Abstract 1864: LV Volumes But Not Filling Pressure Are Determinants Of Survival In Critically Ill Patients
Background: Transthoracic echocardiography (TTE) is able to assess LV volumes as well as LV filling pressure (from the ratio of mitral E velocity/mitral annular tissue velocity [E/e’]). E/e’ predicts outcome after infarction but its prognostic value in critical illness is undefined. The aim of this study was to evaluate the prognostic significance of echocardiographic LV volumes and filling pressure in the critically ill.
Methods: A consecutive group of 94 patients (66M, 28F, 61±15 years) who had standard TTE supplemented by measurement of E/e’ in a combined medical and surgical tertiary referral ICU were enrolled. TTE was performed 5±6 days after ICU admission. Severity of critical illness was assessed using APACHE III. Survival analysis was based on 28-day survival from date of echo with patients discharged alive censored at the time of leaving hospital. Results are presented as mean±SD.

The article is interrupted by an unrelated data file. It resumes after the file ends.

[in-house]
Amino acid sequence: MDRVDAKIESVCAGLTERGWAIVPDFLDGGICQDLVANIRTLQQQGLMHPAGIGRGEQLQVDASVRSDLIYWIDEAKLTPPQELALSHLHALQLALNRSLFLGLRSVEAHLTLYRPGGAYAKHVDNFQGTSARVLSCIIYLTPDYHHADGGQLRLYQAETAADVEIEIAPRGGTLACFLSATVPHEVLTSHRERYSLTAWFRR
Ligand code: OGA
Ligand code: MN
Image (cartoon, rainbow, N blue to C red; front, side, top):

Results: Mean APACHE III score was 72±25, and length of stay in ICU was 11±11 days and in hospital 32±48 days. Hospital mortality was 33% (n=31); correlates of hospital mortality are summarized in Table 1⇓. Univariate analysis of survival obtained similar results. The independent predictors of survival were APACHE III risk of hospital death (HR 1.3 (95%CI 1.1–1.5), p=0.003), and increased LVESV (HR 2.1 (95%CI 1.2–3.7), p=0.007). Peak E velocity and E/e’ were not predictors of survival. Table 1⇓. Univariate analysis of hospital mortality
Conclusion: In this cohort of critically ill patients, LVESV but not E/e’ is a highly significant predictor of survival that adds incremental value to APACHE III derived prediction.